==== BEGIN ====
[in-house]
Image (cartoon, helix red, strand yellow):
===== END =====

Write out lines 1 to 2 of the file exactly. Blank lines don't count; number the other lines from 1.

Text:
[in-house]
Image (cartoon, helix red, strand yellow):